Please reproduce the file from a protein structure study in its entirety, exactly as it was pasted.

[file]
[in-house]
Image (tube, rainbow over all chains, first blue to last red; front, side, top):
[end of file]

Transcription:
[in-house]
Image (tube, rainbow over all chains, first blue to last red; front, side, top):